Within the framework of Saudi Aramco’s Corporate Social Responsibility Program (CSR), Aramco Asia Japan has partnered with Motoko Katakura Foundation for Desert Culture (MOKO-FDC) to promote research and study of desert culture and introduce desert arts & culture through lectures, exhibitions and symposia through the donation agreement signed between the two parties on Dec.18, 2014.
Leveraging the agreement, a delegation of MOKO-FDC recently visited the Kingdom of Saudi Arabia where they were received by a team representing King Abdulaziz Center for World Culture, a great example of Saudi Aramco’s corporate vision to create a thriving knowledge society in the Kingdom and the world at large. Scheduled to open in 2016, the center is designed to become the hub for knowledge, innovation, and artistic creativity as well as a cross-cultural window between the Kingdom and the World. Both teams have exchanged views and ideas for future collaboration programs to cultivate the understanding of Saudi Culture particularly in the area of desert cultural heritage. The MOKO-FDC’s delegation also visited Saudi Aramco’s technical information center where historical materials are being archived.
The visit to Wadi Fatima, located near the city of Jeddah, gave them a fresh look and feel to re-evaluate the research by late Prof. Motoko Katakura on desert culture in the Kingdom. Prof. Motoko Katakura, a female cultural anthropologist, had carried out the research there, nearly a half century ago. The Foundation is planning several missions to the Kingdom to reconsider her research from the perspective of fifty years interval.
The MOKO-FDC was founded in November 2013 on the will of late Prof. Motoko Katakura, who had pioneered researches in the Middle East and the Islamic world. Her research included more than decade-long fieldwork at Wadi Fatima which offered enormous insights on the culture of the Middle East, such as indigenous Arab culture including their unique sense of values built up by the nomadic life.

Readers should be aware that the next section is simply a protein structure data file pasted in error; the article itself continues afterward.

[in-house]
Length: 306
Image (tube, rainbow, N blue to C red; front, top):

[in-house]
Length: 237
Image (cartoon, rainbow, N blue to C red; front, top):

Although the scenery of Wadi Fatima had changed a lot, the delegation confirmed what Prof. Motoko Katakura disclosed in her research was still alive. They were able to find the actual sites intact and to actually meet her old acquaintance from some 40 years ago at sites where late Prof. Katakura conducted her studies since the early 1970s.
For more information on Motoko Katakura Foundation for Desert Culture at: http://moko-f.com/
Motoko Katakura was a Japanese anthropologist specialized in Islamic and multi-culture of desert.
Katakura’s main field of study was focused on the Islamic world including bedouin, and multicultural studies. In the late 1960s, she visited bedouin camps in Saudi Arabia for her first field research in Islamic culture, while the Katakuras lived there. Abdur-Rahim Al Aḥmadī was the best supporter for Katakura’s fieldwork in Saudi Arabia since the early stage of her research in the late 1960s. He witnessed that Katakura went into the nomad society of Wadi Fatima (western Saudi Arabia) and lived among those people for a period, and she visited them several times over the years. Katakura proceeded on-site research while winning the trust and affection of those people, observing the cultural heritage of their society. Working as a lecturer at her alma mater Tsuda College between 1973 and ’74, she obtained PhD. of Geology at Graduate School of University of Tokyo, faculty of Science in 1974. Promoted as an associate professor, she continued working at Tsuda College, and her hard work and tenacity on research and field work were rewarded when she published the survey results in her first book under the title of “Bedouin Village” in 1977. She appreciated the contribution and support Abdur-Rahim Al Ahmadi had offered her and asked him writing the preface to the Arabic version of that title.
Motoko Katakura Foundation for Desert Culture